How do the planning laws concerning phone masts have regard to public health and safety regarding electromagnetic field exposure?

The Department’s current advice to those living in close proximity to mobile masts or base stations, based on the conclusions of the Expert Group, is that there is no scientific basis for, or evidence of, adverse health effects in children or adults as a result of exposure to electromagnetic fields below ICNIRP levels. This applies irrespective of the location of the mobile phone mast.

This Department has no role in the siting of individual phone masts which is a matter for the local planning authorities. Local Authorities are responsible for having them located where they are least objectionable but still permitting a high quality network to operate.

The Department of Environment, Community and Local Government published Guidelines for Planning Authorities on Telecommunications and Support Structures in 1996. The guidelines are intended to facilitate planning authorities, An Bord Pleanála, the licensed providers of mobile telecommunications services and the public by providing guidance on dealing with these developments within the planning system.

The guidelines set out a locational hierarchy in relation to the siting of masts. In the vicinity of larger towns and in city suburbs, operators should endeavour to locate in industrial estates or in industrially zoned land. The guidelines further advise that, only as a last resort, and if all the alternatives are unavailable or unsuitable, should free-standing masts be located in a residential area or beside schools. Under Section 28 of the Planning and Development Act 2000, planning authorities are required to have regard to any Ministerial guidelines, in the performance of their functions.

In October 2012, the Department of Environment , Community and Local Government partially updated the 1996 guidelines, which made further recommendations, including advising against attaching a condition to a permission for telecommunication masts and antennae which limit their life to a set temporary period, except where particular site or environmental conditions apply; advising planning authorities not to include separation distances in their development plans in order to deal with each application totally on a case by case basis; and a recommendation that future permissions should include a condition stating that when the structure is no longer required it should be demolished, removed and the site re-instated at the operators’ expense.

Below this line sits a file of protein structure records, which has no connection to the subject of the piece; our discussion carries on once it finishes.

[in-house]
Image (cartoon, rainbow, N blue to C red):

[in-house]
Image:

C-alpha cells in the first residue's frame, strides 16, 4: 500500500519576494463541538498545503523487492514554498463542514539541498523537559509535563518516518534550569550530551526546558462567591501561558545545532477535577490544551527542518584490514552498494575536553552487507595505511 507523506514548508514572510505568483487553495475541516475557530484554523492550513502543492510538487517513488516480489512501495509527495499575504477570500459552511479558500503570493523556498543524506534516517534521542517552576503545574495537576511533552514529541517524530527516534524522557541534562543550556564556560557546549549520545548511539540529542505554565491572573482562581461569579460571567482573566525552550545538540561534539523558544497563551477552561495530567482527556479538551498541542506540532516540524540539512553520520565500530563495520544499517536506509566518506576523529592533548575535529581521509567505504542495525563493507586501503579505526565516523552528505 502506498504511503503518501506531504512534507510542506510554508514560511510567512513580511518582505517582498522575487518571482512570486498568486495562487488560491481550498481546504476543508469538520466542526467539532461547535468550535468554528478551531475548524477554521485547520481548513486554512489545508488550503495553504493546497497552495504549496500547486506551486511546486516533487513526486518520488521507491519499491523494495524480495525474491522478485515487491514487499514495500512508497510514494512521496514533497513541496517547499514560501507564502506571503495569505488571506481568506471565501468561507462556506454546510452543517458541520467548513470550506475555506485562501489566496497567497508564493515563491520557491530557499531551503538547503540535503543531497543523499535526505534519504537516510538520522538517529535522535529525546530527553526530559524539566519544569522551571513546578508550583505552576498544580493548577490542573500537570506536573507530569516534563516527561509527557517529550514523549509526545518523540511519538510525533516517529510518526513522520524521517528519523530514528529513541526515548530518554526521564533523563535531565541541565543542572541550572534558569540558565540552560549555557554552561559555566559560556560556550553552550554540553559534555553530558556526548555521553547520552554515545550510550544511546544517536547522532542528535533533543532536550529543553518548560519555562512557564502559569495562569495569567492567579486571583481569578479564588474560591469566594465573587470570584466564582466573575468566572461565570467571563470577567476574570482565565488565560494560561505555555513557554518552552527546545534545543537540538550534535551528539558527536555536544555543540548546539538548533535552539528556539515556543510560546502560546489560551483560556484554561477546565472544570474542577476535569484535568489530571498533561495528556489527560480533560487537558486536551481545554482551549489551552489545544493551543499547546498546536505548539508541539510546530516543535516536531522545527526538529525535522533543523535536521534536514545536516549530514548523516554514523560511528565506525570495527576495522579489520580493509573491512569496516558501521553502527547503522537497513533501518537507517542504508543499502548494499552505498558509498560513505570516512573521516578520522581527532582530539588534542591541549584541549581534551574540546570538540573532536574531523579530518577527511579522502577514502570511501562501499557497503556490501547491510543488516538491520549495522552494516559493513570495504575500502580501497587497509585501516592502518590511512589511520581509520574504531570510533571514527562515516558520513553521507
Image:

Is there any information available on the emissions from phone masts in my neighbourhood?

ComReg is the licensing authority for the telecommunications industry. It has provided an on-line site viewer to allow the public view details of the mobile masts throughout Ireland. ComReg has commissioned audit reports to verify that licensed operators are in compliance with their licence conditions relating to emission limits for non-ionising radiation. The results from the emission measurements taken at very many sites to date have shown compliance with the ICNIRP guidelines with values that were typically thousands of times below the limits.

ComReg’s information on phone masts and monitoring of their emissions.

Are there any harmful health effects from living near power lines and using electrical appliances?

Power lines and electrical appliances are sources of Extremely Low Frequency (ELF) fields. The International Agency for Research on Cancer (IARC) concluded, on the basis of limited evidence in humans that ELF magnetic fields are a possibly human carcinogen. This does not mean that ELF magnetic fields are actually carcinogenic, simply that there is that possibility. Evidence for the association between ELF magnetic field exposure and childhood leukaemia derives from epidemiological studies. These studies, taken individually or as collectively reviewed by expert groups, are insufficient either to make a conclusive judgement on causality or to quantify appropriate exposure restrictions. Apart from this there are no other identified harmful health effects from ELF exposure, where such exposures are below the international limits.

With regard to Extremely Low Frequency (ELF) fields of non-ionising radiation emitted by electricity power lines, the 2007 Report – Health Effects of Electromagnetic Fields – mentioned above, concluded that there is limited scientific evidence of adverse health effects. The Expert Group recommended that precautionary measures be used, where appropriate, and that Ireland continue to adopt the international guidelines developed by the ICNIRP and endorsed by the World Health Organisation (WHO) and the European Union, which we continue to do.​